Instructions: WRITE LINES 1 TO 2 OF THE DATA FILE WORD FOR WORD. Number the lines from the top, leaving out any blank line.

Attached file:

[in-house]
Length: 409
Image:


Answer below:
[in-house]
Length: 409